So I have this insanely large stair box in my room (very small room) and I want to place a bedframe above it so that it saves space within the room.

I have no idea how to draw and upload a succinct diagram so will try my best to describe the area. The box is in the right hand corner of the room as you enter. The two walls are the wall with the door (right hand side) and the wall that is barren (left hand side).

I do not wish the weight of the frame to be placed upon the box so what I thought of doing was drilling into the brick walls at least 2-3 inches and attaching the frame. Then having the frame come outwards and the remainder of the weight to be supported by poles that touch the flooring of the room (this can be poles or just large sections of joined wood like the IKEA bookcases in terms of how it looks?)

I hope that this makes some sense; two sides of the frame into the wall, other two sides into the larger frame bookshelf like touching ground.

I want to know if this would be feasible and if so things that I should consider.
(I will try my best to research how to create an image that better describes my dilemma).

  • It sounds like a bunk bed setup with the bed on top and storage below. A google search should give you ideas.
    – crip659
    Dec 29, 2023 at 21:02
  • My understanding is that US OSB strength has the same strength in the UK if thickness matches. Unfortunately I don't know how US lumber species and grade translate to UK standards. I think that your softwood lumber is typically Spruce-Pine-Fir under the US's design taxonomy, but I have no idea how your C16, C24, etc. translate into our Structural Select, #2, etc. If you can translate your available grades and species into US equivalents, then I could help you.
    – popham
    Dec 31, 2023 at 9:01

1 Answer 1


Perhaps a better keyword to search for: "loft bed".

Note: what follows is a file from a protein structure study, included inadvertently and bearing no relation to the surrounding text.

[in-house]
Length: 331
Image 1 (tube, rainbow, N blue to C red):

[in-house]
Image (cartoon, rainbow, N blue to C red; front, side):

Student versions are traditionally semi-freestanding, braced against the walls to reduce the need for diagonal bracing but being supported by legs at all four corners. It sounds like you want to anchor to the wall on one side instead; that certainly should be doable if you can drive (enough) strong (enough) anchors to carry the load.

For determining that load I'd say start with the weight of the bed platform and bedding, add the weight of the maximum number of people who might be up there, add whatever dynamic load those people might create in addition to their weight, then assume each side of the bed has to carry at least half that load. Might be good to add a safety factor as well.

  • It is good to have a bed that can hold up to a dynamic load.
    – crip659
    Dec 29, 2023 at 23:30
  • It isn't only kids who bounce on beds. Though adults are likely to apply some sideways forces as well.
    – keshlam
    Dec 30, 2023 at 4:09
  • 1
    Sleeping room floors under the IRC get designed for 30 psf live load. Snow-free roofs get designed for 20 psf live load. I'd start with 30 psf and then persuade myself that I could go closer to 20 psf if the 30 psf design seemed too heavy.
    – popham
    Dec 31, 2023 at 8:35

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